Sudden cardiac arrest can happen to anyone and at any time, regardless of age or physical fitness.
It’s a severe medical emergency that requires instant response and actions to save a casualty’s life.
With the availability and proper use of AEDs, the chances of survival have significantly improved, as they can help in quickly detecting and treating irregular heart rhythms.
Automatic External Defibrillator or AED is a life-saving device that delivers an electric shock to a person experiencing sudden cardiac arrest. Having a thorough understanding of how to use this device is essential, as it can make a big difference between the life and death of someone suffering from cardiac arrest.
However, using an AED requires proper Defibrillator training and knowledge of its essential components and functions.
This blog post aims to provide readers with an understanding of what an AED is, how it works, and the steps involved in using it safely and effectively.
Understanding the Basics of an AED
An AED is a portable electronic device that detects irregular heartbeats and treats them through defibrillation. Defibrillation delivers electric shocks to the heart that helps it return to its normal rhythm.
Before going into more depth about how to use an AED, let us first understand the basics.
An AED has three main components:
The battery provides power to the device, and the electrodes are adhesive pads placed on the victim’s chest. The computer in the AED analyzes the heart rhythm and determines whether a shock is needed.
There are two types of AEDs – fully automatic and semi-automatic. The fully automatic AED analyzes the heart rhythm and delivers a shock if necessary. While semi-automatic AED requires the user to press a button to provide the shock.
When to Use an AED
Cardiac arrest happens when the heart suddenly stops beating and the person becomes unconscious. The victim may stop breathing, and their pulse may be weak or non-existent. Therefore, identifying the signs of cardiac arrest before using an AED is crucial.
If you notice someone showing signs of cardiac arrest, the first step is to call emergency services. After calling for help, you should provide immediate assistance by administering cardiopulmonary resuscitation (CPR). CPR involves chest compressions and rescue breaths to help circulate oxygenated blood to the body’s vital organs.
While performing CPR, if an AED is available, it’s essential to use it immediately. Every minute that passes without defibrillation decreases the chances of survival by 7-10%. If the casualty has access to an AED, the chances of survival increase significantly.
How to Use an AED
Turn on the AED – Most AEDs have an on/off button. Using an AED is easy, and anyone can use it with the proper training, however, getting training to use it effectively is recommended.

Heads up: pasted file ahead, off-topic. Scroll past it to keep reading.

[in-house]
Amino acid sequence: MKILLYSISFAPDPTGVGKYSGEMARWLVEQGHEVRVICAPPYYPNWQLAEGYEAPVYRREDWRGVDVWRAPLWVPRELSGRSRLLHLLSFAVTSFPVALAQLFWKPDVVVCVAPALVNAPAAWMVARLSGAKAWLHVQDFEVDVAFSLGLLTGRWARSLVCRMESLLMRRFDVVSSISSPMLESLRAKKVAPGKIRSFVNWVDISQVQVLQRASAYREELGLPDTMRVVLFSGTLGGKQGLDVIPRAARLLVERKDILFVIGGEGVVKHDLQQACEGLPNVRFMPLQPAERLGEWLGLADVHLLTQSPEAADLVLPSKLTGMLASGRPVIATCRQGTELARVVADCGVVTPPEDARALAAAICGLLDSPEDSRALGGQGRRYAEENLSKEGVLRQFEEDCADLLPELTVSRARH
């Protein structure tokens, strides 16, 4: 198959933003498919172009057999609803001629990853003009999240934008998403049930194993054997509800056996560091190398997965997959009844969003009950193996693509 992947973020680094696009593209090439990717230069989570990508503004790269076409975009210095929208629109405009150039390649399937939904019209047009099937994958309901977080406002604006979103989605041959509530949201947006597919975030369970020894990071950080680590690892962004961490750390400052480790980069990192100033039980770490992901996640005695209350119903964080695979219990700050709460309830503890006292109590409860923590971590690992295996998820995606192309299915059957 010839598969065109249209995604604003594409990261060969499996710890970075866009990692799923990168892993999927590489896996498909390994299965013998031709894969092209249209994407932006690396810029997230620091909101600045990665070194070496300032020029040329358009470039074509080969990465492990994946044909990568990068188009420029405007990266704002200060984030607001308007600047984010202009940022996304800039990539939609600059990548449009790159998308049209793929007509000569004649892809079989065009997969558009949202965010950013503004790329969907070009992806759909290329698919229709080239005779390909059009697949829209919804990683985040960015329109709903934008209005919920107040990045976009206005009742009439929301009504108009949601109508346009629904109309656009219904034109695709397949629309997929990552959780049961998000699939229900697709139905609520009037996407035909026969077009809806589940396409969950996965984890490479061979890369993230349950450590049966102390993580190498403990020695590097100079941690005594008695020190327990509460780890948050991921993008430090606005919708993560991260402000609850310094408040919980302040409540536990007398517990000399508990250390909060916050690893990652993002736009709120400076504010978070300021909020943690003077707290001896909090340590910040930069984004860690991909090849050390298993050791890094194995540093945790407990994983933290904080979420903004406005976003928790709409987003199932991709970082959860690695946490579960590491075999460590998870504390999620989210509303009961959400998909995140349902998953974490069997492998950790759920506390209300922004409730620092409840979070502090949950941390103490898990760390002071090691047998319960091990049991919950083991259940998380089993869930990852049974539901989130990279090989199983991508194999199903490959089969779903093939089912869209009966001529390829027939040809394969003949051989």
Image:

Here’s a step-by-step guide on how to use an AED:
Attach the pads: Remove the backing from the adhesive pads and place them on the victim’s bare chest. Place one pad on the upper right side of the chest while the other on the lower left side.
Analyze the heart rhythm: Once the pads are attached, the AED will start analyzing the heart rhythm to determine whether a shock is required. It’s crucial to ensure that no one touches the victim or the pads during this process.
Deliver the shock: If the AED determines a shock is necessary, it will instruct the user to press a button to deliver it. It is important to note that no one should touch the victim or the pads during this process.
Resume CPR – After delivering the shock, immediately resume CPR, starting with chest compressions.
Safety Precautions When Using an AED
There are several safety precautions to remember when using an AED.
First and foremost, no one should touch the casualty or the pads during the analysis and shock delivery process.
It is also important to ensure the device is used effectively and safely when using an AED to implement proper safety precautions.
It is also essential to guarantee that the victim and the surroundings are dry, as water can conduct electricity and affect the device’s performance.
Additionally, it’s vital to remove any metal objects from the victim’s chest, including jewelry and clothing with metal buttons or zippers, as they can interfere with the AED’s performance.
Side Effects of Using an AED
Using an AED can have some side effects as well such as burns, bruises, or soreness on the victim’s chest where the pads were attached. However, these side effects are generally minor and don’t cause any lasting harm to the victim.
Handling an AED device
When handling an AED, it’s essential to be watchful and follow proper protocols. Avoid dropping or subjecting the device to any impact, as this can damage the device and affect its performance.
It is recommended to store the device in a secure location that is easily accessible in an emergency.
Maintenance of AED
Ensuring the proper functioning of an AED is essential to save lives during cardiac arrest emergencies. This requires to have routine maintenance and regular device testing to ensure it is in good working condition.
Checking the pads’ battery life and expiration date regularly is also vital to ensure their proper working.
Additionally, testing the device’s functionality once a month and replacing the pads and batteries when expired or used is recommended.
In conclusion, AEDs are crucial in saving lives during cardiac arrest emergencies. Knowing how to use an AED can make a significant difference in the victim’s chances of survival. Taking proper training and certification courses is essential to gain the knowledge and skills required to use an AED effectively and safely.
Alongside this, ensuring the proper maintenance and testing of the device can make all the difference in a life-or-death situation. With good care and maintenance, AEDs can continue saving lives for years.